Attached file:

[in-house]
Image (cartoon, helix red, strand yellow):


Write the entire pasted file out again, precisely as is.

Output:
[in-house]
Image (cartoon, helix red, strand yellow):